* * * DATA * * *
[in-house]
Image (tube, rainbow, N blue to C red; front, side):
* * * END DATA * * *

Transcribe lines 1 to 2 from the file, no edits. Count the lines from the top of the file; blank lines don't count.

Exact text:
[in-house]
Image (tube, rainbow, N blue to C red; front, side):